Monday, July 26, 2010

‘Patent Troll’ Reaches Out to Credit Unions

Credit unions have now joined the list of financial institutions being targeted by what an industry association calls a “patent troll.” And it’s apparently no phishing trip. They’re real live lawsuits and they’re reportedly being settled for real money in some cases.

The Credit Union Information Security Professionals Association (CUISPA) said a company called Wolf Run Hollow LLC is now including credit unions in the series of complaints it’s filed in several states, charging infringement on its patent for a widely used piece of modern banking technology - message alerts.

The IT security trade group put out the following alert of its own this week:

“CUISPA has reported that several credit unions have recently received notices from patent licensing group, Wolf Run Hollow, LLC, claiming to own the rights to U.S. Patent No. 6,115,817 issued Sept. 5, 2000, for Methods and Systems for Facilitating Transmission of Secure Messages Across Insecure Networks. According to the complaints, financial institutions are infringing the patent by using secure messaging systems to communicate with members and vendors, including via their web sites.

Over the past year, Wolf Run Hollow has filed approximately 40 patent infringement suits against financial institutions in Texas, Mississippi, California, and Alabama in what appears to be a typical patent troll action. While most of the financial institutions that have been sued have been banks, CUISPA is reporting that several credit unions have recently received notices as well. Wolf Run Hollow appears to be seeking compensatory damages in the form of a lump sum license fee in an attempt to settle out of court. While some institutions have settled, others are disputing the claims. The suits appear vague in their explanation of the infringement raising questions over how and if the FI is actually infringing.”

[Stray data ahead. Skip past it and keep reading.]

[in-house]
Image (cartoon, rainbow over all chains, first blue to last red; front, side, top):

CUISPA Executive Director Kelly Dowell said the legal threats are not to be taken lightly, although he said if it was his credit union that received such a notice, the first thing he would want to do is challenge the company to show what exactly is being infringed and how.

He said that he’s talked to a couple of credit unions that agreed with Dowell that the complaints were imprecise and that they would respond by asking for specifics. But he also said the cost of having lawyers engage in a courtroom fight, or just preparing for one, could easily exceed the $20,000 to $40,000 “at most” he said he has heard has been the price of a license fee to settle the issue.

We found what appeared to be the holder of the patent through an Internet search and left voice and e-mail messages asking about the patent, its history and the specific services that use the protected technologies, but have not heard back.

Meanwhile, an East Coast lawyer told us that none of his list of credit union clients have been contacted but noted that contracts with vendors of online services–or about any other service like that–should almost certainly contain indemnity clauses intended to protect the vendors’ customers in such cases.

But that may not necessarily be enough, pointed out a veteran staffer of a consultancy that specializes in vendor selection, among other things. She noted that increasingly tough compliance rules compelling credit unions to exercise due diligence on their vendors could muddy the waters.

Dowell said he agreed with both those points–noting that an online banking company he also works with (Jwaala LLC) provides such indemnification but that Wolf Run Hollow LLC appears to be choosing states, at least his own, where the courts tend to favor patent holders.

He said the CUISPA would like to hear from credit unions that have been contacted. He said one “very large credit union” he declined to identify has received the notice and told him they would be happy to have their legal department talk to others that also have been hit with the “patent troll.”

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